Spelling and grammar are absolutely integral to the creation of a functional work of literature. It is imperative that you check over your work for spelling and grammar goofs, because they detract from the story you are trying to tell. Way to state the obvious, right? One would assume this to be obvious, yet a startlingly high number of aspiring writers will present drafts that are so riddled with spelling and grammar errors that they become painful to read. However, more often then not it's a simple case of a few common errors. Common, but still the sort of thing that will make an editor cringe and hurt the readability of your story. For example:

To, Two, and Too

To - "To" serves a couple of functions. It can act as a preposition when it proceeds a noun ("Give that cookie to your sister."), or indicate an infinitive when it comes before a verb ("Don't you want to go skiing?").

Two - "Two" is the number 2 ("You can have two helpings, but not a third.")

Too - As with to, "too" can be used multiple ways. I can indicate an excess ("That show is too late at night, you have school in the morning.") or it can stand in place of "also" ("Shaun wants a Nintendo for Christmas too.")

Run-on Sentences - Punctuation is always good, but you should avoid using an excess of commas where a period would work a whole lot better. It is perfectly fine to have a compound sentence that joins several related ideas, but when you have too many dissimilar ideas together things start getting confusing. Let's take a look at a classic run-on.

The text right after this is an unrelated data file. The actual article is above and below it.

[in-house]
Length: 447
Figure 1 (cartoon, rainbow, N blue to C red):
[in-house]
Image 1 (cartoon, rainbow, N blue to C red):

"Larry didn't have any idea why he was tied up and he couldn't help wondering what his captors wanted from him when a loud, jingling started off to his right and his thoughts were interrupted..."

This may seem like a dramatic example, but believe me when I say that I've seen worse. Now, let's divide this up into a few sentences and see how it sounds.

"Larry didn't have any idea why he was tied up. What did his captors want from him? His thoughts were suddenly interrupted by a loud jingling noise to his right..."

From one sentence to three; see how much better that sounds?

The Big One - Using spell-check as a crutch. Almost all writing programs have spelling and even grammar check functions. These are very useful tools, but they are not foolproof. If a word is spelled correctly, and is correct grammatically, the spellchecker will ignore it. This can become a problem if it's not the word you were trying to write. Typos happen to the best of us, and it's ALWAYS a good idea to go back and read over your work. If you can, you should also get someone else to read it, because often you may not notice your own errors when reading because you know what it's meant to say and you're really only skimming.